Cooking lunch or dinner in the open air has its peculiarities – only food, company and beautiful nature aren’t always enough.
The barbecue season is coming. That’s the time when the weather gives us warm evenings, suitable to have a snack out in the open air, gather with friends and family around the garden BBQ. Many people are too naïve to think that for a single successful barbecue you need only delicious meat, cheerful company, wine and guitars. It’s partially true, but those ingredients don’t exhaust the list at all.
The truly delicious barbecue comes only when you use appropriate wood, high quality meat and you follow the right cooking technology. What’s more, your barbecue has to be in tip-top condition. It probably sat in a dusty place all the winter, so now that you take it out, you’ll have to give it a good deep clean. In general, keeping the BBQ grill shiny will guarantee flavourful meals, no mixing of tastes, no burnt deposits messing with the quality of the food and, of course, less mess. Now who wouldn’t want to cook in a clean environment?
Your Grilling Fuel
It’s best to use wood for the good barbecue. You could use coal, but they will have to burn for a long time and will have to have a pleasant smell when smoking. Those coals are a rarity. Do not tempt to burn old fence laths or dyed wood from disassembled furniture. It’s not recommended to use perch or elk trees – normally they contain resin which could cause a bitter taste and unpleasant smell of your meal.
The ideal option is to use apple, cherry or pear wood. The old orchard wood pulp gives the meat a distinctive and very pleasant flavour. Beech and oak are also a good option.
Some chefs recommend using barbecue that allows for placing the meat at 10 cm over the embers. If it is placed directly on top, there’s a high chance for the meat to burn too fast, but if it is too far from the fire it may just as well remain dry and uncooked.
What Meat to Purchase?
Avoid buying already marinated meats, whatever the kind. Sometimes the meat they marinade could be already thawed and tasteless.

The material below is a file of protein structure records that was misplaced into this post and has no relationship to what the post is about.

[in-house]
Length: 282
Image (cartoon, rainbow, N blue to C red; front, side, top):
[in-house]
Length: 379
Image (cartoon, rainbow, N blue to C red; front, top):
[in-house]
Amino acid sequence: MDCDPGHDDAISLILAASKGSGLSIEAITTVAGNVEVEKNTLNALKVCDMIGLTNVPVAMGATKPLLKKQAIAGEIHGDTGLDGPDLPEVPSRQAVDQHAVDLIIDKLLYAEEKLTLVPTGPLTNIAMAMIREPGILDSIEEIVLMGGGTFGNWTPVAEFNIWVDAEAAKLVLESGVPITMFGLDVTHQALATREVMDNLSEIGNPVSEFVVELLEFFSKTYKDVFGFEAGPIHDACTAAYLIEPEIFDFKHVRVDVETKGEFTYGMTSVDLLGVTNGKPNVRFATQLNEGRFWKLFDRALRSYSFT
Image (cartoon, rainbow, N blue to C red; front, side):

The best meat for the grill should be fresh, not frozen, preferably from young cattle. In May, you can find plenty of lamb, veal or pork meat on the store shelves, while for the rest of the year bet on chicken or even fish.
When you pick the barbecue meat, you have to be in the clear about one fact – some kinds of meat are “easier” while others are “more difficult” to cook. Specialists explain that the veal meat is the most dangerous for the beginners, since its cooking is a bit harder. If you leave it a touch too long on the grill, it might easily turn dry and tasteless.
We recommend for the ones who don’t have enough barbecue experience to had better handle pork, lamb, fish or chicken.
Marinading Is (Not) Key
The culinary enthusiast usually make one and the same big mistake just after buying the meat. They marinade it in different self-made recipes – vinegar, wine, lemon juice or yoghurt. The experts think that if the meat is young and of high quality, marinade is not necessary.
Instead, you can season the meat with salt, black pepper and onion. The main idea here is that it’s important to have fresh food, while the marinade and the excessive usage of spices only put off the natural meat taste and smell. If you decide to cook barbecue with older piece of chicken after all, you can dip the pieces in mineral water and a glass of cognac.
The biggest mistake you could ever do with a marinade for the grill is drowning the meat in yoghurt. The diary products not only change the taste of the meat completely, but they leave a layer which burns quickly on the fire, while the meat itself doesn’t grill equally.
If you cook meat on skewers, place the skewers themselves on the grill for around 5 minutes. By heating them, the skewers won’t will help preserve the meat juices.
What’s the right moment to start grilling the meat? You can guess by the bright red colour of the ambers that they are ready to bake your steaks. If their colour is grey, the meat will darken and won’t look as appetizing. It’s recommended to gather the meat at one spot – do not spread it around the whole barbecue.
Another valuable practical piece of advice is to not use water to put off the barbecue flames. The water will reduce the fire, but will also create conditions for the meat to grill unevenly.
While the grilled skewers fill your mouth with saliva, it’s time to lay the table. Green fresh vegetables, red wine, a loaf of bread – that’s the best garnish for the ready barbecue.
A post by John Storeys @: